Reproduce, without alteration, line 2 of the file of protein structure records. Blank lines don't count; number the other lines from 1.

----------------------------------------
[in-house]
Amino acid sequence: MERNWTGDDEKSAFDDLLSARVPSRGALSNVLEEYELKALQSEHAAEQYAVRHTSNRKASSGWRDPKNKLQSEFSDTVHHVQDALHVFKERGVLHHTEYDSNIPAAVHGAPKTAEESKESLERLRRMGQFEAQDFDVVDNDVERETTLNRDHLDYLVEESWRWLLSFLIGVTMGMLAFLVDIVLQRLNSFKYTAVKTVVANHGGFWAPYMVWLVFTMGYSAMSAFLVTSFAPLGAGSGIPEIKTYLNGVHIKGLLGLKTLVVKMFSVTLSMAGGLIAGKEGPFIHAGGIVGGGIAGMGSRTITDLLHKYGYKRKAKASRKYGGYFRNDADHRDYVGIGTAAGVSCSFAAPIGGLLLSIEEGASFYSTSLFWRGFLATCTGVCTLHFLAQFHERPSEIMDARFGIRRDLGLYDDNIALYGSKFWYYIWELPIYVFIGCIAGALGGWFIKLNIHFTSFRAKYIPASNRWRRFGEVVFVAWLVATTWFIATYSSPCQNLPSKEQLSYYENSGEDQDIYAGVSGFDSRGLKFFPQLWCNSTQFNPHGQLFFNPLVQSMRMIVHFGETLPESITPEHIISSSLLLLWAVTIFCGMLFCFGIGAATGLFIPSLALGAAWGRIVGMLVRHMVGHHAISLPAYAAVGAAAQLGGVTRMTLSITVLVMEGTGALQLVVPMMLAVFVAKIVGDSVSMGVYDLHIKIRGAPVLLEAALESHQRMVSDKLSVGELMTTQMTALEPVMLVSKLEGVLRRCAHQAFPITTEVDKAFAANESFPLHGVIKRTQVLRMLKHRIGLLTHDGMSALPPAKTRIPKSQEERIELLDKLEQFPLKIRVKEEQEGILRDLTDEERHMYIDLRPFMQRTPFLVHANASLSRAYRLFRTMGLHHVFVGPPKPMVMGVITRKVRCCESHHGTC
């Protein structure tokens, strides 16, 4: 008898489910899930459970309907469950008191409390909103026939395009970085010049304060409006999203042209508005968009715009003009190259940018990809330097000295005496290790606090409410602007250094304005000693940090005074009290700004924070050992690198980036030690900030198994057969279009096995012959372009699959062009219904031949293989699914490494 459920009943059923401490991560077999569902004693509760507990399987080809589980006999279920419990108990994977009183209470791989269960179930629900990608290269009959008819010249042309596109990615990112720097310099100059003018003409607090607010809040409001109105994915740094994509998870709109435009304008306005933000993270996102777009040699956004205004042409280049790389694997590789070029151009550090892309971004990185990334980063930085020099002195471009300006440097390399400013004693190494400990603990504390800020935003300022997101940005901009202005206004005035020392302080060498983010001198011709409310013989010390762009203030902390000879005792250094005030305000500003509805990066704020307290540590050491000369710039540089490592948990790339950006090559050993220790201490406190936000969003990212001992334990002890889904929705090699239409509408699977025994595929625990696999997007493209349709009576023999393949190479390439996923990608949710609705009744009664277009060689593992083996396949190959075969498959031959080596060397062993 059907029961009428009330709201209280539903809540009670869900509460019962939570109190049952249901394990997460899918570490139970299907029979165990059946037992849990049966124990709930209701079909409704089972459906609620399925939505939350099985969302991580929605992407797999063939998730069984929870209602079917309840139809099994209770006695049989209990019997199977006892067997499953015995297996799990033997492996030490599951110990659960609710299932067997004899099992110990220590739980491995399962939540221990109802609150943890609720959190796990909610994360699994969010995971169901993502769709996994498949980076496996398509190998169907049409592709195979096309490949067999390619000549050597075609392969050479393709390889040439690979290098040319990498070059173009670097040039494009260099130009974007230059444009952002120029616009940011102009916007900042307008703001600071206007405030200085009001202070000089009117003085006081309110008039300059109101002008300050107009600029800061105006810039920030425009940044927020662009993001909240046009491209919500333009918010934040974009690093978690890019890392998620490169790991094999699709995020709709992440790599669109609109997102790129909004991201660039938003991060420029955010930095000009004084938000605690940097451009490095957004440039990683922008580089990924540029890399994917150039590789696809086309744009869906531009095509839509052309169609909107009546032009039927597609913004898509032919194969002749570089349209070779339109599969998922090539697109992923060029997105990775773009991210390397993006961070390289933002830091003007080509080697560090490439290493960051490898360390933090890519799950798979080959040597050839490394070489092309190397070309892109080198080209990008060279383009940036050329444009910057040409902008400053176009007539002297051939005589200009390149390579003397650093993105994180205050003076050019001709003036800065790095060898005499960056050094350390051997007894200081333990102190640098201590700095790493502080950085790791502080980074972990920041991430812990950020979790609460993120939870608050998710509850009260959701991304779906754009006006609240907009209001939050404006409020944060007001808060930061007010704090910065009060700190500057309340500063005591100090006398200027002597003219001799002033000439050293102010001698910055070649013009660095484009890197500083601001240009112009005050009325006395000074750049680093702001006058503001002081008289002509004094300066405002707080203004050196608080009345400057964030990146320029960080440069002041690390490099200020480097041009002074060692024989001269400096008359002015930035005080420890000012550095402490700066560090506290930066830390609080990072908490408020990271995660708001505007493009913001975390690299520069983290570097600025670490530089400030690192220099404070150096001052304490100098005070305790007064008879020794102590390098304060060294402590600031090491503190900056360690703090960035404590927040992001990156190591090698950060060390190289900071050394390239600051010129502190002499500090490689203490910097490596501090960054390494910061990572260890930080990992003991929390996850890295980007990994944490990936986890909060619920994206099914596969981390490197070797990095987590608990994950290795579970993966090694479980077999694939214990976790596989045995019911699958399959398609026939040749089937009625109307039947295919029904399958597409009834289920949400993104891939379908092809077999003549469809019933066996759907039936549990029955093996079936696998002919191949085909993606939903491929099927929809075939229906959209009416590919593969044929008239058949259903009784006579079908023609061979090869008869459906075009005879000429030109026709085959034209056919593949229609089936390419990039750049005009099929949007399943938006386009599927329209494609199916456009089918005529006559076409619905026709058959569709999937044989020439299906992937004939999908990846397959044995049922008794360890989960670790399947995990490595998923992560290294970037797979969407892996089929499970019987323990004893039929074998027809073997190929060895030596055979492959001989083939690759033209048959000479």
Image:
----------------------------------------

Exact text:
Amino acid sequence: MERNWTGDDEKSAFDDLLSARVPSRGALSNVLEEYELKALQSEHAAEQYAVRHTSNRKASSGWRDPKNKLQSEFSDTVHHVQDALHVFKERGVLHHTEYDSNIPAAVHGAPKTAEESKESLERLRRMGQFEAQDFDVVDNDVERETTLNRDHLDYLVEESWRWLLSFLIGVTMGMLAFLVDIVLQRLNSFKYTAVKTVVANHGGFWAPYMVWLVFTMGYSAMSAFLVTSFAPLGAGSGIPEIKTYLNGVHIKGLLGLKTLVVKMFSVTLSMAGGLIAGKEGPFIHAGGIVGGGIAGMGSRTITDLLHKYGYKRKAKASRKYGGYFRNDADHRDYVGIGTAAGVSCSFAAPIGGLLLSIEEGASFYSTSLFWRGFLATCTGVCTLHFLAQFHERPSEIMDARFGIRRDLGLYDDNIALYGSKFWYYIWELPIYVFIGCIAGALGGWFIKLNIHFTSFRAKYIPASNRWRRFGEVVFVAWLVATTWFIATYSSPCQNLPSKEQLSYYENSGEDQDIYAGVSGFDSRGLKFFPQLWCNSTQFNPHGQLFFNPLVQSMRMIVHFGETLPESITPEHIISSSLLLLWAVTIFCGMLFCFGIGAATGLFIPSLALGAAWGRIVGMLVRHMVGHHAISLPAYAAVGAAAQLGGVTRMTLSITVLVMEGTGALQLVVPMMLAVFVAKIVGDSVSMGVYDLHIKIRGAPVLLEAALESHQRMVSDKLSVGELMTTQMTALEPVMLVSKLEGVLRRCAHQAFPITTEVDKAFAANESFPLHGVIKRTQVLRMLKHRIGLLTHDGMSALPPAKTRIPKSQEERIELLDKLEQFPLKIRVKEEQEGILRDLTDEERHMYIDLRPFMQRTPFLVHANASLSRAYRLFRTMGLHHVFVGPPKPMVMGVITRKVRCCESHHGTC